Geography, insurance status, transportation, and other factors have historically defined access to specialized care before, during, and after pregnancy. However, digital platforms are democratizing this access. Companies like Maven allow members to access maternal health specialists on demand, eliminating the barriers of distance, time, and availability. Digital health can fill the gaps between in-person prenatal appointments, with specialists available 24/7 to address any concerns that arise outside of typical office hours. 

Digital health platforms can also expand the breadth of providers that indigenous birthing parents can access during their pregnancy journey. For example, Maven members have access to OB-GYNs, mental health specialists, midwives, doulas, nutritionists, physical therapists, lactation consultants, and more. Their expertise provides comprehensive care for pregnant people, ensuring that every aspect of an individual's health is addressed.

Increased opportunities for care matching

When patients are matched with care providers who understand their cultural or social nuances, studies show that maternal health outcomes improve. Because digital health is not bound by geography, patients have a wider provider pool to find providers who can provide them with culturally-humble care.  

While only 0.4% of physicians nationwide identify as Indigenous, Maven has a higher number of Indigenous providers, meaning that Indigenous Maven members can connect with providers who understand their background and lived experiences and can address them in their preferred language.  

Enhanced patient empowerment

When patients feel heard, understood, and respected, they are more likely to actively participate in their health journey. Digital family health solutions can place special focus on reducing biases in care. Members can receive personalized care plans that address their unique needs, with reducing disparities as a key focus. Data can also be used to highlight opportunities for improved care in patient-provider interactions, encouraging ongoing provider training and bias reduction efforts.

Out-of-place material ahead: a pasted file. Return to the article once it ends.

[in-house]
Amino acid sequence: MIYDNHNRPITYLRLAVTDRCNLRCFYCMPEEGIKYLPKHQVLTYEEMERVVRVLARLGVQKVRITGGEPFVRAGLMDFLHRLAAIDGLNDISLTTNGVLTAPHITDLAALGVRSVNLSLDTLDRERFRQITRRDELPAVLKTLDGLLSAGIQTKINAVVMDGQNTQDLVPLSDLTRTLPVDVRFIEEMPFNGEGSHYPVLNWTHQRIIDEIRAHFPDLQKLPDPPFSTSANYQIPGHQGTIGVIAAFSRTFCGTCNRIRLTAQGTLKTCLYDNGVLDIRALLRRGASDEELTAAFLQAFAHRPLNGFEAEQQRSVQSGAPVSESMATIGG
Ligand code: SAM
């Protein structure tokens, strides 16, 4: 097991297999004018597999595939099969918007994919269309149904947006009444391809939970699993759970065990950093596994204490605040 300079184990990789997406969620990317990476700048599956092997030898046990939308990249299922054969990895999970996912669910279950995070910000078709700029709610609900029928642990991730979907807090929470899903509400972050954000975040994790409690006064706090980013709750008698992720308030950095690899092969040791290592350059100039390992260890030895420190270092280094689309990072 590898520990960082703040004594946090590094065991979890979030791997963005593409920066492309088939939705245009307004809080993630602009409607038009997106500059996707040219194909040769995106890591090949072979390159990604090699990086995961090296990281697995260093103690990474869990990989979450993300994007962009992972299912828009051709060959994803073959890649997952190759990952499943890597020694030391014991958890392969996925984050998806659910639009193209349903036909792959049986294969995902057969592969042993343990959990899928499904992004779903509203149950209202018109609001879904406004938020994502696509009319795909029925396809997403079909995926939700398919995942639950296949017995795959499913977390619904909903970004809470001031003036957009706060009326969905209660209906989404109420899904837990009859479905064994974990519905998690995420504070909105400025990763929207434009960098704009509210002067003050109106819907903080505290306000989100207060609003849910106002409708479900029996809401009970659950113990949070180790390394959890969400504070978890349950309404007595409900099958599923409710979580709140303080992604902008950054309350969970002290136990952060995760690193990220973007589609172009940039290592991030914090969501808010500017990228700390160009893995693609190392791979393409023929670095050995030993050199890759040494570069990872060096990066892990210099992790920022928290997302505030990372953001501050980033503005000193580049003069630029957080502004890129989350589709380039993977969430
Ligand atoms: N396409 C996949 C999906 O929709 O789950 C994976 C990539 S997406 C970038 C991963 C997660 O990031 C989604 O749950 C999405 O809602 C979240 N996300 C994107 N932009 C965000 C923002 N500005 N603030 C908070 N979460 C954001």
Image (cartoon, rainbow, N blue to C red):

Digital health platforms also connect patients with clinically-vetted content, classes, and communities where they have a trusted source of medical information. By using these tools to increase their health literacy, Indigenous members are better equipped to advocate for themselves in medical settings, ultimately reducing health disparities

Making an impact on Indigenous maternal health with Maven

Combatting the maternal health crisis that Indigenous people experience can seem bigger than one company or health plan, but every organization has the power to make a meaningful impact on the health and well-being of its Indigenous members and employees. 

Digital family health solutions like Maven can move the needle on women’s and family health, providing high-quality, on-demand care to fill existing gaps in the traditional healthcare system and improve health outcomes. With a 4.9/5 post-appointment rating and a 70+ NPS score along our Maternity track, Maven is making healthcare better for our members. 

Outside of our platform, we’re also committed to supporting improved access to maternal health for Indigenous populations through Maven’s MPact for Families program. Through this program, Maven provides financial and technical assistance to Breath of My Heart Birthplace, which provides reproductive health services in the Española Valley of New Mexico. 

To learn more about how Maven can support your members or employees, schedule a demo today

This article was written in collaboration with Dawn Godbolt, Director of Health Equity at Maven, and Nicole Andrzejewski, Director of New Business at Maven.